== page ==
NASA's new Space
Transportation Initiative involves duct tape and the Ariane 5
NASA Drops Spaceplane Project
REUTERS - Following the demise of Columbia and crippling budget
cuts, NASA has announced that its Orbital Space Plane project is to be axed in
favour of a cheaper alternative.
The Orbital Space Plane, a $2.4 billion design project, was
heralded as a "next generation Space Shuttle". They had hoped to have the
project ready by 2008, but NASA administrator Sean O'Keefe decided that the OSP
should be discontinued immediately now that engineers have discovered a more
"It just clicked," O'Keefe told reporters at a NASA press
conference last Friday, "We realised that what we were doing was designing a
craft to take people and light cargo up to the International Space Station,
which was to be carried by a booster in exactly the same way as the original
Space Shuttle. It didn't seem to make sense, we weren't doing anything new, in
fact we were taking a step back."
Critics agree. As many have pointed out, the new OSP will not be
able to function as a vessel to transport satellites or any payload larger than
a watermelon into orbit.
"It's like the difference between a family car and a porsche."
Explains Dennis Smith, Orbital Space Plane program manager, "The Space Shuttle
was an all-round good family car. It could accommodate a sizeable amount of
luggage for going on trips to the seaside, and was and is still quite
reliable. On the other hand, the OSP turned out to be a porsche, very pretty
curves, but not practical for anything other than showing off in. We were also
worried that the crew might be struck with Deep Vein Thrombosis on long
missions in such a confined space, if you'll pardon my very funny oxymoron. We
figured that the healthiest and most cost effective way to get to the seaside
is to walk, which is why we did away with the car altogether."
So what of this alternative? NASA has been very forthcoming with
details on the new project, which weighs in at an estimated design and
production cost of $7.25, and is apparently "Infinitely more fuel-economic and
safer than both the Shuttle and Space Plane". Sean O'Keefe explains.
"We've decided to move away from the
astronaut-in-transport-on-launcher idea and cut out the middle man, if you
will. We realised that we were packaging up our astronauts in expensive
spacesuits, and then putting them into the Shuttle. We found that this was
quite counter-intuitive. Our new plan is to use duct tape to affix astronauts
to the capable Ariane 5 launcher. This eliminates the need for any form of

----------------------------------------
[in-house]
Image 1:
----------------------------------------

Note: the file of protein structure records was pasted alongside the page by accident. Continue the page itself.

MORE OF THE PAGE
Shuttle, and the durability and strength of duct tape assures safety and
shock-absorbency throughout the mission."
Once the astronaut reaches their destination (space), they will
manually sever the duct tape allowing them to drift effortlessly towards the
ISS. "Our suits allow for some maneuverability in space," O'Keefe points out,
"so it will be a simple task for an astronaut to navigate toward the ISS. Each
astronaut will be equipped with a skysurfing board and an asbestos umbrella for
Further benefits of this system include significant cuts in
training costs: An astronaut need not be trained in expensive Virtual Reality
environments that simulate the controls of the Space Shuttle anymore. "We're
hoping to sell our VR training facility to Midway, if they're still around."
Says Smith, "We're sure that it'd work great as an arcade game. We estimate the
cost of adding a slot so it can take quarters to be in the region of $5.6
"We don't actually need to train astronauts at all anymore",
O'Keefe bubbled, "we can send any jackass up there. In fact we were thinking of
sending packs of about 30 or 40 astronauts per launch, to increase the odds
that one will make it to the ISS alive."
The Ariane 5 is an interesting choice of launcher for NASA,
which ordinarily wouldn't be seen dead using European hardware developed by
independent companies. "The mentality is simple," Smith explains, " if we use
European launchers we can't be blamed when they blow up or if someone dies or
whatever. In fact, we can proactively accuse Europe of killing American
citizens, even if we do plan to get most of our recruits from Brazil."
The first launch of the new system should take place in
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